Inside this issue
David Lintern is a photojournalist, photography tutor and writer living and working in the Scottish Highlands. His words and pictures appear widely in environmental and access campaigns as well as news and outdoors media. He’s the author of The Big Rounds, a social history guidebook about fell running.
In 2012 I paused by my local river and everything changed. I’ve moved away from what many expect photographs to be: my images deconstruct the literal and reimagine the subjective, reflecting the curiosity that water has inspired in my practice. Water has been my conduit: it has sharpened my vision, given me permission to experiment and continues to introduce me to new ways of seeing.
Some of you may remember David’s name in the context of the campaign against the planning application for run-of-river hydro developments within the designated wildland areas of Glen Etive in 2020. As well as writing, David photographs, teaches and yes, campaigns, on other matters too. It would be easy to think that passionate advocacy for nature stems from early exposure to it, but in David’s case, this was limited. That’s clearly no longer so, and as well as changing his outlook on life, it’s led to a new career and a new home. He talks about photography as a tool for investigation, rather than being about possession.
Would you like to start by telling readers a little about yourself – where you grew up, your education and early interests, and what that led you to do?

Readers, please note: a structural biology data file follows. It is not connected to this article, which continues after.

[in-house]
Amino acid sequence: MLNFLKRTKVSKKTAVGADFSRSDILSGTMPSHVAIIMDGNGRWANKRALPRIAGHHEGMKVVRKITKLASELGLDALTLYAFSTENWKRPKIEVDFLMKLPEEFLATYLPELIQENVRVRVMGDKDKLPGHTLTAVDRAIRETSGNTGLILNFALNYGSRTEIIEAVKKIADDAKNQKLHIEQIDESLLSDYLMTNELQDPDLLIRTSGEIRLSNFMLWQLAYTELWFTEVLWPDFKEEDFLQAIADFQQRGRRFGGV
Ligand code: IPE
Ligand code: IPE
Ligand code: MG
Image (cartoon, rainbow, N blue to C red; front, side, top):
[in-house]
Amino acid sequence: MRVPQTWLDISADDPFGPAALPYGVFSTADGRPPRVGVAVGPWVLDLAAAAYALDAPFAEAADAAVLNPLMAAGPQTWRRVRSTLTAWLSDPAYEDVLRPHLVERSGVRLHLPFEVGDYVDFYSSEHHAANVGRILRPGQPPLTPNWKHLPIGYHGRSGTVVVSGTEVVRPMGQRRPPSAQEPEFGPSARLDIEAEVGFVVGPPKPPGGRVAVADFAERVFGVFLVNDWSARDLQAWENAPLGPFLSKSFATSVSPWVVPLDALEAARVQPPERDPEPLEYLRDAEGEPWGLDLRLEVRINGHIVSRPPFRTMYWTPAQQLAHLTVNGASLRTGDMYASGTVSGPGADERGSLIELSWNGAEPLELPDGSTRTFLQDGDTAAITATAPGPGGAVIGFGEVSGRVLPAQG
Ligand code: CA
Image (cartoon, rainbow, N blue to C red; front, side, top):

Hi and thanks for asking me to contribute. I currently live in the Cairngorms with my young family and work across Scotland. I’m lucky to have a mix of work including photographic teaching and guiding, a little commercial work for local businesses, as well as writing and photographing stories for the outdoors press, environmental organisations and newspapers.
None of this was a given and the road has been circuitous! I grew up on a new build estate in Wrexham and then the sub/urban fringes of South London. Horizons were limited in more ways than one. Education was a way out and I was the first of my family to go to university. I was lucky that my mum supported my escape plan despite pressures to the contrary.
I’m not formally trained in the arts, but I’ve always had broad interests, especially where the arts and politics intersect. I studied social sciences at Leeds at the time when the sociology department was co-chaired by a Polish survivor of the Warsaw Ghetto and a feminist criminologist and lawyer. Music was my real passion, and over time the mixing desk and sampler became my instruments of choice. After a decade working as a cinema projectionist and audio engineer across arts venues in London in the late 90s and early 2000s, I retrained as a community music practitioner and eventually started my own small charity working in a rehabilitative arts setting with unaccompanied asylum seekers. It was easily the most useful I’d been as a musician. It also gave me new skills in fundraising and third sector organization, which enabled my move to Edinburgh a decade ago. We moved to the Highlands about 4 years ago.